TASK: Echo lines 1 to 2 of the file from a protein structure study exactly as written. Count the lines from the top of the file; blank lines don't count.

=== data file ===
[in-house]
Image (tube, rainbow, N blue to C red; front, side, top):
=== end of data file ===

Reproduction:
[in-house]
Image (tube, rainbow, N blue to C red; front, side, top):